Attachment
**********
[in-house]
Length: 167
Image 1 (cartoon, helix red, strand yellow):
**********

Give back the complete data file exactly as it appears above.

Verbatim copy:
[in-house]
Length: 167
Image 1 (cartoon, helix red, strand yellow):